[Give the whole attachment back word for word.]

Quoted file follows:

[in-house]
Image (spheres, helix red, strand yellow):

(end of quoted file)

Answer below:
[in-house]
Image (spheres, helix red, strand yellow):